For many people in North America—well, me, at least—Masamune Shirow’s Appleseed series was one of the first translated manga they ever saw. First published in 1985, it won the 1986 Seiun Award for Best Manga. Between 1988 and 1992, the series was published volume by volume by Eclipse Comics, which is the edition I first read1. It was pretty addictive stuff back in the Reagan Era—no American comics I knew of explored SF themes like Shirow’s or had the same striking art—but how well does it stand up today? Does it still have the same punch in a world where many great manga are no further away than the nearest library?
Well, I just happen to have Appleseed: Volume One: The Promethean Challenge to hand….
No country involved in World War Three resorted to nuclear weapons but there are other weapons of mass destruction. As the prelude puts it, “even without (nuclear weapons), the Earth became a quieter planet.”
Survivors Deunan Knute and Briareos Hecatonchires have settled in a very quiet, very peaceful neighbourhood. Before they came to town someone doused the place in sarin. The nerve agent is long gone, and so are the unfortunate inhabitants, leaving their material goods for the two soldiers to loot, and their homes for the woman and her cyborg friend to take for their own.
But someone has noticed the pair.
Salla Simukka’s 2015 As Black as Ebony is the third and (if trilogy is to retain any meaning) final book in her Snow White Trilogy1.
Lumikki Andersson has returned from a diverting summer holiday in Prague to her parents and home in Finland. Her attempts to lose herself on the stage and in the arms of her new boyfriend Sampsa are doomed before they begin. She is haunted by the mystery she encountered in Prague: how can an only child like Lumikki have had a sister? Why can’t Lumikki remember her? Why are there no photos of the sister? Why have her parents never mentioned her?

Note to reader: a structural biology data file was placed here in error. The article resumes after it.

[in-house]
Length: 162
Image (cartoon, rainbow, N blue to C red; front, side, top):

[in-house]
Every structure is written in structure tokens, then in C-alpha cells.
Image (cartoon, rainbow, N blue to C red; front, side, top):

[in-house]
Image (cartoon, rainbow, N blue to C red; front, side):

And, of course, there’s the lunatic stalking Lumikki.
Until Kitchener Public Library’s supply of volumes of A Bride’s Story runs out, I am going to keep revisiting this series.
Unlike the previous two volumes, the focus in Volume Three isn’t on Amir, but someone previously a supporting character and info-dump facilitator: wandering ethnologist and linguist Henry Smith. In this volume the inquisitive Mr. Smith gains the answer to a question he never asked:
Just how much trouble can an Englishman traveling alone in Central Asia get into?
I am in no way obsessive but having read volume two of Kaoru Mori’s ongoing A Bride’s Story series without having read volume one induces a mild disquiet, as though a million rats were trying to claw their way out of my brain. Luckily for my brain, my local library had volume one.
At twenty, Amir Halgal is considered very nearly a spinster by her nomadic tribe. When the chance to marry her off presented itself, Amir’s family didn’t look too closely at the deal, or at her spouse.
Which is how twenty-year-old Amir found herself in an unfamiliar town on the Silk Road, married to twelve-year-old Karluk.
When Yen Press sent me Emma Volume One, they also sent me 2012’s Kaoru Mori: Anything and Something. Unlike A Bride’s Story and Emma, this isn’t an installment in an ongoing series. Rather, it is a collection of Mori’s short pieces, an interesting introduction to her work if you’ve not read her before.
This will be short.
Mori provides such number of short pieces that they exceed my willingness to take this chapter by chapter. The volume is just under 210 pages and there are forty-four items listed in the table of contents. I could take them one by one, but that would result in a very long review. It has been my experience that the longer my reviews, the less likely it is that people will respond to them. As someone once said, More Words, Deeper Hole.
Mori leads with a selection of longer pieces (although if you have not noticed that the collection is to be read right to left, you may think she’s ending with longer pieces inexplicably printed in reverse). These tend to be standalone pieces, essentially short stories. The second half of the book has a selection of shorter pieces, some single page and other, like the extensive study of corsets, somewhat longer.